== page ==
Dollar Academy Assistant Rector Helps Broaden History Curriculum

Dollar Academy Assistant Rector and History teacher Robin Macpherson has been (with Fiona Malcolm, Faculty Head of Humanities at Braes High School in Polmont) the driving force behind a new education pack in History. The pack has been created by the charity Remembering Srebrenica Scotland, and it will shape the teaching of History in Scotland, helping to engender a safer and more tolerant society.

Robin Macpherson speaking about the new education pack


Mr Macpherson has been a passionate advocate for improving our understanding and awareness of a very tragic period of our recent history. The mass genocide that took place in Srebrenica in Bosnia, in the 1990s is not widely known about and too rarely discussed—despite how recently it occurred. More than 8,000 people (mostly Muslim men and boys) were murdered in Bosnia in 1995. Sexual violence was a key feature of the genocide, affecting thousands of women and also men. The lessons to be learned from this dark period of modern history are invaluable to young people in today’s current geopolitical climate. The new education pack will raise awareness of this period of history across the classrooms of Scotland and emphasise the consequences of allowing prejudice and intolerance to take hold.

Remembering Srebrenica UK organises commemoration events to mark the acts of genocide in Bosnia in the 1990s. Through raising awareness of this period of history, the charity hopes to build safer communities by learning the lessons of what happened and why. The UK charity was founded by Waqar Azmi OBE, the UK Govt’s Chief Diversity Officer, and Remembering Srebrenica Scotland is chaired by the Very Rev Dr Lorna Hood OBE, former Moderator of the General Assembly and Chair of Youthlink Scotland.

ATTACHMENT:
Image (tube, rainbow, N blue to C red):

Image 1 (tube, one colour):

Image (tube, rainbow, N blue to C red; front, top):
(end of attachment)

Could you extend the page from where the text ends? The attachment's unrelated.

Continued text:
“Understanding why it happens, and how it can be prevented, is crucial in the education of children and young people,” said Dr Hood in an interview for The Church of Scotland. “There is recent evidence of a rise in hate crimes towards those considered different and non-white even here in Scotland. Our new and revised education pack will help young people understand how prejudice, discrimination, exclusion and intolerance diminish and degrade members of our community and may prevent them from taking and enjoying a full role in society. The story of Srebrenica is not ancient history, it is a recent event in a European country and a reminder that genocide isn’t something that happens somewhere else.”

Mr Macpherson, a member of the Academic Advisory Board for Remembering Srebrenica UK and a former community champion for RS in England, has spent years working to increase awareness and understanding of the events of Srebrenica. In 2017 he took pupils to Srebrenica and Sarajevo, and their findings were presented at the Telegraph Festival of Education.

When Mr Macpherson was appointed to be Dollar Academy’s newest Assistant Rector last year, he moved north to Scotland and joined the Remembering Srebrenica board in Scotland. In Scotland, Mr Macpherson was pleased to note that the charity has strong cross-party support. Remembering Srebrenica Scotland has sent Ruth Davidson, Nicola Sturgeon and Kezia Dugdale, amongst others, on visits to Srebrenica. Johann Lamont and Gail Ross are board members. Mr Macpherson himself was made chair of the Education Committee, and he has wasted no time in seeking to have a study of Srebrenica incorporated into the Scottish History curriculum.